About us

ADePT: How it all began

The concept of what is now Asia for Development and Peace (ADePT) germinated in early 2013 under the International Studies Program of the Center for People Empowerment in Governance (www.cenpeg.org) which has Political Parties and Electoral Reform, Governance and Local Governments, Foreign Policy and Security, Peace Process, as well as Community and Socio-Cultural as other policy study areas. Alongside CenPEG’s engagements in the 2013 automated elections, the International Studies Program took a special interest on the maritime disputes in the South China Sea (West Philippine Sea) as these quickly evolved into core security concerns in Southeast Asia / Asia involving not only ASEAN and China but also the US and Japan. With the exchange programs and people-to-people relations that CenPEG had established in Asia particularly with China, Japan, Indonesia, and other ASEAN countries (as well as the US and Europe), CenPEG’s NGO partners, think tanks, and academics began exploratory discussions on forming an Asia-wide consortium for development and peace centering on state-to-people (Track 2) and people-to-people (Track 3) relations.

Our policy engagements found CenPEG Fellows sitting as resource persons at congressional hearings on foreign policy issues including the SCS disputes and on a new defense cooperation deal between the Philippines and the US. CenPEG’s policy advocacy on international affairs also complemented various issue analyses and statements as well as media interviews that were publicized locally as well as internationally (such as New York Times, BBC, Al Jazeera, Australia’s ABC News, and some major China publications). The peak of CenPEG’s international policy engagements included presentations at various conferences and forums in academic, civil society, and other venues on specific issues involving Asia, ASEAN, Philippines-China, and US-Philippine relations.


The confluence of the maritime disputes attended by escalating tensions, the establishment of the ASEAN Community in 2015, the renewed engagement of Japan in Southeast Asia as the US moved forward its rebalance in Asia strategy, and other major regional events were compelling reasons to bring these issues not only in the discourse of Philippine issues but also in regional platforms. It became a particular objective in the formative stage of ADePT to look at the raging issues from various perspectives and to seek people-centered solutions. Of great importance, is to pose the challenge, “What binds is greater than what divides us” and to seek answers not just from the policy views of governments concerned but from communities of peoples whose stake in the regional issues has not been well defined and their voices not fully articulated. Central to the people’s stakes and voices are issues on development and peace – development that requires peace, and peace based on human growth and development.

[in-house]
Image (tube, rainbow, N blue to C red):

Initiated by the Fellows of CenPEG, the formation of ADePT has been made possible in partnership with its network of NGOs, think tanks, and academics. The Conference on January 29, 2016 in cooperation with the Asian Center and the Office of the President of the University of the Philippines augurs well for the beginning of a meaningful in-depth discourse on a common major concern on development and peace in the region with a multitrack direction. We commit ourselves to the ADePT advocacy to bring these urgent issues to a new level. The power dynamics of China, the US, and Japan at the center of the discourse in the Philippines and Asia that we want to bring forward for popular engagement constitutes a big challenge. Development and peace are a continuing challenge in the Philippines owing to the prevalence of economic disparities, social inequities, as well as divisive politics and armed conflicts which are all core issues during elections. We share these issues with most of Asia that are made more difficult because of complex economic and security relations we have with powerful countries. These are issues that bind us with other Asian countries as do our common history and aspirations.